While on a trip to London this week, I took a day to visit Birmingham. It's about 90 minutes north on Virgin Rail. I met with Chris Price, Director of Digital Development & Communities, and his boss, Glyn Evans,
Corporate Director of Business Change for the City Council. I had a
chance to hear from them and many other talented people about their Digital Birmingham project, as well as their science park, universities, a new Science City development program and a US$1 billion Business Transformation IT project expected to generate a $2.5 bn return for the city.
Exciting stuff, which I will be keeping an eye on. But on the way back to London, I was unable to get out of my head an offhand comment by Glyn Evans. He described research the community had done into the needs of its population. "There's a myth," said Glyn, "that the low-income population are late adopters of ICT. They are on the wrong side of the digital divide. But our research showed that many of them are very early adopters. They are immigrants, and they use email, IP voice, social networks and video chat to stay in touch with their home countries. It's the kids, of course, but they teach their parents and grandparents, and the knowledge spreads."
That's a great insight, and it made me wonder how much the progress of communities is held back by just such myths. I have met many of them first-hand. In Cleveland, Ohio, one of America's poorest big cities, there is a pervasive myth that the town is in permanent decline. That myth is based on a lot of hard experience. But as I did radio interviews there two years ago, everyone I talked to was surprised and skeptical to hear about the community's achievements. This is a place that is home to one of the USA's biggest and most innovative hospitals, the Cleveland Clinic, a world-class university, the OneCommunity broadband network, and so much more. There's a multi-billion-dollar transportation rebuild going right down the middle of Main Street. But many people, perhaps the majority, see only stagnation. They do not see the connection between these things and their future. It is the myth that stands in their way - and the feeling, deep down inside, that they lack something permanent and vital in themselves. Whereas, all they really lack are the right skills and the confidence to take the hard road toward acquiring them.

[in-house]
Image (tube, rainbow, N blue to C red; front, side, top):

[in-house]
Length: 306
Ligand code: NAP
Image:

Dundee, Scotland was also saddled with the myth of decline, after experiencing too many decades of the real thing. It was research by the City Council that revealed, in the early Nineties, the first net job growth in twenty years. It was coming, not from the old manufacturing or publishing sectors, but from new media, gaming and IT businesses that were spinning out of the universities. Local government was smart enough to fan this small flame with a series of innovation projects and incentives in partnership with business, educators and the national government. From 2000 to 2004, the city had net employment growth of 3.4%. That may not sound impressive - until you learn that it includes the loss of 3,300 manufacturing jobs. The losses were countered by a 20% growth in digital media, 50-60% growth in life sciences jobs, and a 7% increase in new business start-ups.
One of the secrets to Dundee's success was their willingness to stop listening to the myth of decline, and to listen to the facts instead. Like Birmingham, they spent some of their scarce funds on researching what was actually going on in the community, instead of assuming that the present was just another chapter of the dismal past.
In Japan, people are saddled with a different myth. It is that all power is concentrated in the hands of big business and the government, the individual is helpless, and a small group of powerbrokers will always run things to suit themselves. According to an old Japanese saying, "It is the nail that stick out which gets hammered down." Shigata ga nai, they say, which a New Yorker would translate as "what are you gonna do?"
Yet in Mitaka, a suburb of Tokyo, this kind of fatalism does not seem to apply. When Mitaka became our Intelligent Community of the Year in 2005, the Mayor was a woman, which is even more unusual in that nation than in my own. Moreover, she was citizen activist who had led many successful campaigns to change local government policy. Her economic development strategy focused, not on big business, but on promoting the growth of the entrepreneurial SOHO sector that had spun out of the many research labs in the area. The myths of the culture did not seem to stand anybody's way in Mitaka - and with the recent rout of the old Liberal Democratic Party at the national level, maybe the same change is coming to the rest of the country.
Belief is powerful. It is belief in a better future that powers the amazing transformation that Intelligent Communities are creating every day. But belief can also be the obstacle: the dead hand of the past that holds us in place when the time has come to move forward. If you are a community leader, finding and countering the myths in your midst may be some of the most important work you do.